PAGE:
The Poison King: The Life and Legend of Mithradates, Rome’s Deadliest Enemy – Adrienne Mayor
A sovereign born amidst myth and legend, prophesied during the time that a saviour, born under an Eastern luminary, destined to make war on the mightiest supreme dominion the world had known. No, not Jesus, he came later. First in that place was Mithradates, born in what we since know as Turkey, king of Pontus and Anatolia, and single in kind of the Roman Republic’s greatest in number formidable opponents – hailed alongside Spartacus and Hannibal being of the cl~s who one of the greatest threats to Rome’s subsisting. He claimed descent from Darius the Great of Persia and Alexander the Great of Macedonia and aimed at forging his concede empire in Anatolia and the Black Sea. He fought a line of wars against Rome, from 88 BC to 63 BC, now and then winning great victories, sometimes losing disastrously, no more than always returning again and again. Rome not at all did quite defeat Mithradates, and he died every old man, by his own possession.
He was also engrossed by that which we could call pharmacology and toxicology, endlessly experimenting with plants, poisons and venoms, to cause a universal antidote. Condemned criminals in Mithradates’ lands were executed by way of poison, with the king carefully observing and noting reactions, hurry, suffering. For centuries after his end of life, a mithridate was a semi-mythical redress against poisons, taken by kings and queens in every part history. One could still buy mithradates from physicians in London because late as 1786.
It’s a fascinating rehearsal, and I only wish I could belief that much of this book was in reality true. I would call this each imaginative biography rather than a historical biography – there are simply too many gaps plugged ~ means of speculation, too many holes in the records filled with ‘what ifs’, too much informed imaginative speculation. It’s a great peruse, a good story well-told, except reading this book it is self-same difficult to pull apart what is not merely supposed or fancied verifiable historical record from what the creator thinks seems plausible. Certainly the ultimate chapter is worthy of historical imagination!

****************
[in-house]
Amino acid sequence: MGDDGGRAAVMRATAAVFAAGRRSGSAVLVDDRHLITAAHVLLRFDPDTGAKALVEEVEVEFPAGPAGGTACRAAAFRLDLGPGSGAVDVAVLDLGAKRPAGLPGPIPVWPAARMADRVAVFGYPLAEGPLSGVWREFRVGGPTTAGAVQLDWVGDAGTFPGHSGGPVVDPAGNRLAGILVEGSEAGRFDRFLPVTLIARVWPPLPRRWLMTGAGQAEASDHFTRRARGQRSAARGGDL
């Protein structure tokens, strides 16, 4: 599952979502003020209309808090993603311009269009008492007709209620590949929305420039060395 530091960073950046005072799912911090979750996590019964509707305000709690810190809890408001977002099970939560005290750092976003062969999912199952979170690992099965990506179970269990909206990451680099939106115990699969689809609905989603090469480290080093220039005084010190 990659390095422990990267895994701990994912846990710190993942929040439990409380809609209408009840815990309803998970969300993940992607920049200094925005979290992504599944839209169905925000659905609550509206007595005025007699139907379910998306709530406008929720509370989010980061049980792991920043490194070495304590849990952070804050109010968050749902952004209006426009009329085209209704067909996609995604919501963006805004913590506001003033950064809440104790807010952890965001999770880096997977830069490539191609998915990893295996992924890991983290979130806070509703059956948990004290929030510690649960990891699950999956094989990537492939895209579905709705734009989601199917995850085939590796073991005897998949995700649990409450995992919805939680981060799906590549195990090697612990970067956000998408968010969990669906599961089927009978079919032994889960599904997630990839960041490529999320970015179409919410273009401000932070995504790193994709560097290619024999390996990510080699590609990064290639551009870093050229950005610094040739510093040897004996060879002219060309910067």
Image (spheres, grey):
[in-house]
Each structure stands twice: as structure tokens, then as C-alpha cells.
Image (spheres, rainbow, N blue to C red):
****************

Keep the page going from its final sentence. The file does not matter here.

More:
I understand the frustrations of hand~ the biography of such a slight figure, when so little survives and much of what does was written ~ means of his enemies. But that isn’t an open invitation to just ‘fill in the blanks’. That uttered, Adrienne Mayor is quite honest from the beginning about the nature of this work and how much informed speculation went into it – and in a road, one could argue all history to a fixed extent is mere informed speculation, backed up ~ dint of. carefully chosen and marshalled evidence. Perhaps Mayor is precisely more open about it.
Therapists try that fruitful treatment can be the decision of untarnished maps.